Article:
Known as the ‘Merry Dancers’, the playful streaks that snake across the night sky can last minutes or merely seconds. Luck is often involved but once you’ve seen it, it’s an experience that will never be forgotten.
Caused by solar wind from the sun colliding with magnetic particles in the Earth’s atmosphere, the end result is truly spectacular. Generally, you can expect to see a blanket of green or red in the sky looking northwards. If the aurora intensifies, you could potentially see arcs as well as rays or curtains of different colours which dart around the night sky. If an aurora is weak, the colour will be faint and almost undetectable.
The best place in the UK to see the Northern Lights is undeniably Scotland. The northern reaches of the country and northern isles, around the Caithness coast and the Orkney Isles, are prime spots to see this fascinating light display. Shetland and The Outer Hebrides are also ideal locations for trying to see the Northern Lights as they have very low light pollution due to the low levels of population.
Aurorae can be seen anywhere in Scotland where light pollution is at a minimum and conditions are right. Although less likely, sightings have been recorded as far south as East Anglia in England.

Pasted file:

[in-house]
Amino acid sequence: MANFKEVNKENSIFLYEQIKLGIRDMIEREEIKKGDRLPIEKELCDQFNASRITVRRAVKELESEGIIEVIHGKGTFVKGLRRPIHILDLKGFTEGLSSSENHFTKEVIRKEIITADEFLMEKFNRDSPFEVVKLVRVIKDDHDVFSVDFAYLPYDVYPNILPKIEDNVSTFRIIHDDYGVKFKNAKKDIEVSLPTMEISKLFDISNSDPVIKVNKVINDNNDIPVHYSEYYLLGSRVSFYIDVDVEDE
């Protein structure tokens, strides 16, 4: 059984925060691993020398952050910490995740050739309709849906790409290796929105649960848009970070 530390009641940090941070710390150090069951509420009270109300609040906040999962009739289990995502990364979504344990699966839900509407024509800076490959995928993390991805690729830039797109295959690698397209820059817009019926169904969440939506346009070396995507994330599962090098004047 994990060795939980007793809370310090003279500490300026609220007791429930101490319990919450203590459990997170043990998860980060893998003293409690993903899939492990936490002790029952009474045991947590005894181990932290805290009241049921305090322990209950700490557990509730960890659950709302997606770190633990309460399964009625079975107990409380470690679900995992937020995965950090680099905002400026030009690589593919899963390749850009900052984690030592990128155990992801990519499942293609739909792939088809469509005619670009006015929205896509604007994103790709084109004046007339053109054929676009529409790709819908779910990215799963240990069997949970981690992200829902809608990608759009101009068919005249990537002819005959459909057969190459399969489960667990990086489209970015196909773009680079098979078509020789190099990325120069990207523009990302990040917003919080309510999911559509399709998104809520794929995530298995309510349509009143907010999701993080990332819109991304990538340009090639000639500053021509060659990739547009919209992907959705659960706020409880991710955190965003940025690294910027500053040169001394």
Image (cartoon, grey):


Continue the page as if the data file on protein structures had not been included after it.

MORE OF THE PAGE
The best time to spot the Aurora Borealis is generally considered to be in January, but did you know that it's also possible to see the Northern Lights on most cold, clear nights throughout the autumn and winter months?
Although a sighting is never guaranteed and accurate forecasting is difficult, you can sign up for free text message alerts from Aurora Watch UK to notify you when auroral activity is likely to occur and potentially increase your chances to see this phenomenon where you are.
Aurora Watch UK also offers helpful advice, including how to build your own simple detectors to pinpoint the conditions when the Northern Lights are likely to occur.
Read more on hunting the Northern Lights in Scotland on our blog here.